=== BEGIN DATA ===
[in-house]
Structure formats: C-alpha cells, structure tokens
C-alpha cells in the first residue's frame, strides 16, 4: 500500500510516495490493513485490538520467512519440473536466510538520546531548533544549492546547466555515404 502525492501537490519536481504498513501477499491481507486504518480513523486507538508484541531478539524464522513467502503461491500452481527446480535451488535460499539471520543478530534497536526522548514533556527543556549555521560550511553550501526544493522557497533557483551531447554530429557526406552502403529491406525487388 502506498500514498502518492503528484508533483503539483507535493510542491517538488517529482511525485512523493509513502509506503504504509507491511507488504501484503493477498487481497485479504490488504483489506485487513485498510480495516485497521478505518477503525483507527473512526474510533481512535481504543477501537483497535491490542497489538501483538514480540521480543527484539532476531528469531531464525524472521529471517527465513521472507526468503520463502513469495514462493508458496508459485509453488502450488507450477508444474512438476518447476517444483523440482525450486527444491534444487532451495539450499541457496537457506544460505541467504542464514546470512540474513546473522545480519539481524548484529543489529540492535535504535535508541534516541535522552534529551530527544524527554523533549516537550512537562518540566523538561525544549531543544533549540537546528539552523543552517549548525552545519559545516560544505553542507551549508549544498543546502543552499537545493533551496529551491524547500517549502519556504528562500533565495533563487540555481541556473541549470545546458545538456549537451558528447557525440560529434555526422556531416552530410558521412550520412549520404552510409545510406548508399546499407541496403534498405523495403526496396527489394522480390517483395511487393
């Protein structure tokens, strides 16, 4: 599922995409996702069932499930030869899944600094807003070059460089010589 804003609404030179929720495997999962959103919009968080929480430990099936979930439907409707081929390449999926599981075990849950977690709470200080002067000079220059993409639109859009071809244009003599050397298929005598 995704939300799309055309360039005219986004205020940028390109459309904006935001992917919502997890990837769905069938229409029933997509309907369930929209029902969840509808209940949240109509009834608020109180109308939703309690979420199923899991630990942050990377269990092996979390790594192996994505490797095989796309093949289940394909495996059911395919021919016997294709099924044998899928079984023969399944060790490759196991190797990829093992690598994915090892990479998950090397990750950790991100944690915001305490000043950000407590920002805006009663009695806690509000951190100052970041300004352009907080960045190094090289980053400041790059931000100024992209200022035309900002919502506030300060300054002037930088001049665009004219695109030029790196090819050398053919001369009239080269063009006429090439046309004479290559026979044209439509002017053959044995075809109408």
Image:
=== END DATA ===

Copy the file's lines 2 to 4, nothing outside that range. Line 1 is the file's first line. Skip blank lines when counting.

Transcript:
Structure formats: C-alpha cells, structure tokens
C-alpha cells in the first residue's frame, strides 16, 4: 500500500510516495490493513485490538520467512519440473536466510538520546531548533544549492546547466555515404 502525492501537490519536481504498513501477499491481507486504518480513523486507538508484541531478539524464522513467502503461491500452481527446480535451488535460499539471520543478530534497536526522548514533556527543556549555521560550511553550501526544493522557497533557483551531447554530429557526406552502403529491406525487388 502506498500514498502518492503528484508533483503539483507535493510542491517538488517529482511525485512523493509513502509506503504504509507491511507488504501484503493477498487481497485479504490488504483489506485487513485498510480495516485497521478505518477503525483507527473512526474510533481512535481504543477501537483497535491490542497489538501483538514480540521480543527484539532476531528469531531464525524472521529471517527465513521472507526468503520463502513469495514462493508458496508459485509453488502450488507450477508444474512438476518447476517444483523440482525450486527444491534444487532451495539450499541457496537457506544460505541467504542464514546470512540474513546473522545480519539481524548484529543489529540492535535504535535508541534516541535522552534529551530527544524527554523533549516537550512537562518540566523538561525544549531543544533549540537546528539552523543552517549548525552545519559545516560544505553542507551549508549544498543546502543552499537545493533551496529551491524547500517549502519556504528562500533565495533563487540555481541556473541549470545546458545538456549537451558528447557525440560529434555526422556531416552530410558521412550520412549520404552510409545510406548508399546499407541496403534498405523495403526496396527489394522480390517483395511487393
């Protein structure tokens, strides 16, 4: 599922995409996702069932499930030869899944600094807003070059460089010589 804003609404030179929720495997999962959103919009968080929480430990099936979930439907409707081929390449999926599981075990849950977690709470200080002067000079220059993409639109859009071809244009003599050397298929005598 995704939300799309055309360039005219986004205020940028390109459309904006935001992917919502997890990837769905069938229409029933997509309907369930929209029902969840509808209940949240109509009834608020109180109308939703309690979420199923899991630990942050990377269990092996979390790594192996994505490797095989796309093949289940394909495996059911395919021919016997294709099924044998899928079984023969399944060790490759196991190797990829093992690598994915090892990479998950090397990750950790991100944690915001305490000043950000407590920002805006009663009695806690509000951190100052970041300004352009907080960045190094090289980053400041790059931000100024992209200022035309900002919502506030300060300054002037930088001049665009004219695109030029790196090819050398053919001369009239080269063009006429090439046309004479290559026979044209439509002017053959044995075809109408």